It was observed that the degradation efficiency of nickel ferrite magnetic nanoparticles over Irgalite violet dye effluent was greater in the presence of solar radiation compared to the absence of solar light, as shown in Figure 5. In the presence of light source, the photons excite the surface electrons of the catalyst, whereby these electrons move from the valence band to the conduction band leaving positive holes in the valence band, which further reacts with water to release hydroxyl ions that degrade the dyes. Oxalic acid also contributes to the production of hydroxyl radicals which enhances the rate of degradation. As the irradiation time proceeds the degradation efficiency was found to increase. It is evident that in the presence of solar irradiation the photo catalyst (nickel ferrite) had degraded about 99.995% of Irgalite violet whereas in the absence of solar irradiation, the degradation efficiency had dropped to 29% within 60 min. In addition, the degradation rate was observed to remain almost constant after 60 min due to the competitiveness of the parent dye molecules with intermediate/short chain aliphatics during the photocatalytic degradation process (Muruganandham & Swaminathan 2006). Since the batch studies were carried out in aqueous solutions, these radicals contribute to the degradation of dye under solar irradiation in the absence of nickel ferrite nanoparticles and showed 17% degradation efficiency. This may be due to the presence of minute concentrations of hydroxyl radicals generated in water. The photons of solar light generate hydroxyl (OH) radicals due to the water molecules present in the system.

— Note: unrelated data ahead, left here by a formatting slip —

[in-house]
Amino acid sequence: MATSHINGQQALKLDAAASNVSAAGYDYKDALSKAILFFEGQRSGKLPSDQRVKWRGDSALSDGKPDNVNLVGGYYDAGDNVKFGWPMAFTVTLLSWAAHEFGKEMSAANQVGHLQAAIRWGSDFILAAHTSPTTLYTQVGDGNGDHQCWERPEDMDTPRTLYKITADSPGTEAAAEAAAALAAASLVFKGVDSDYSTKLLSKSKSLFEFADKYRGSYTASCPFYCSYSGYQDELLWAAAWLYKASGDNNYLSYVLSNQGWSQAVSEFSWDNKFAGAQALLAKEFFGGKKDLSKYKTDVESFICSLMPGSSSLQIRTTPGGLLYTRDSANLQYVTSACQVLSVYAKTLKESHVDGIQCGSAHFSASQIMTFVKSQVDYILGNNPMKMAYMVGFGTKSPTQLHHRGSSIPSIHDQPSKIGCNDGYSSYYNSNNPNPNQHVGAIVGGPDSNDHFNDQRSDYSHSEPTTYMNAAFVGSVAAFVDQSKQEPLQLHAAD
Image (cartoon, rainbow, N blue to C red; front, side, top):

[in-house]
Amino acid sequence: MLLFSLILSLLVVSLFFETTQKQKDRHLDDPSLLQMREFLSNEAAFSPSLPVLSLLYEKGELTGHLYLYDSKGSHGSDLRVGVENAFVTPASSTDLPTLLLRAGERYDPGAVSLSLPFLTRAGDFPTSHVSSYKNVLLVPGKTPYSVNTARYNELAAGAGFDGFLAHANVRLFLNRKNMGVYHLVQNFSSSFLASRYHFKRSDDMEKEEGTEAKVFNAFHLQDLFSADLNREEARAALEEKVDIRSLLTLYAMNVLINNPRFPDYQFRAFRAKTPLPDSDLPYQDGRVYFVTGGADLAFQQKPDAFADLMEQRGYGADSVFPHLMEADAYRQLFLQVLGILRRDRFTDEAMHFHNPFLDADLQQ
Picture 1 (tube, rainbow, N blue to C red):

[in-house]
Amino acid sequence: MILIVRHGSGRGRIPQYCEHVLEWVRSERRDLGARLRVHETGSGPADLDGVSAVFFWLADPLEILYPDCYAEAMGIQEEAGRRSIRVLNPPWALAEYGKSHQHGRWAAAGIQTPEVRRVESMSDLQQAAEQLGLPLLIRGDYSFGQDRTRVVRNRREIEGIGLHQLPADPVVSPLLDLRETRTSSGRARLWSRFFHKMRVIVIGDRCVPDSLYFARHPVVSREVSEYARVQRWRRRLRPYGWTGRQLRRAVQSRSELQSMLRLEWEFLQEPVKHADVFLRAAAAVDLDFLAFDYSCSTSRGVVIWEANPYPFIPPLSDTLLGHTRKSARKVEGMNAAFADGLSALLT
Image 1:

Figure 5

Dye degradation in the presence and absence of solar light dye at 400 ppm dye concentration, 0.15 g catalyst loading and 2 mM of oxalic acid maintained at pH 3.0.

Figure 5

Dye degradation in the presence and absence of solar light dye at 400 ppm dye concentration, 0.15 g catalyst loading and 2 mM of oxalic acid maintained at pH 3.0.

The major challenge encountered during this work is optimizing the pH, since the optimum pH is around 3.0 in the Fenton treatment which is acidic. The modified Fenton oxidation process is improved by using oxidizing agents which, in turn, increase the •OH radicals' formation to improve the efficiency of the system, and the use of NiFe2O4 nanoparticles, due to the presence of Fe2+, showed strong reactivity to catalyse dyes at various conditions. The band gap of the synthesized NiFe2O4 nanoparticles for this study is 2.14 eV. Moreover, its catalytic stability can be maintained for multiple cycles and it can be a promising treatment. Even though economic feasibility was not the focus of this investigation, since this method uses solar light for the Fenton process costs, the only costs involved in the study are NiFe2O4 nanoparticles and the oxidizing agent oxalic acid. Furthermore, the use of solar energy has brought advantages since it widened the range of reactant concentrations that could be used and still achieved very satisfactory treatment performances, making it reasonable to state that the lower the number of reactants, the more economically feasible the treatment becomes (Pignatello et al. 2006; Hansson et al. 2012; Usman et al. 2016).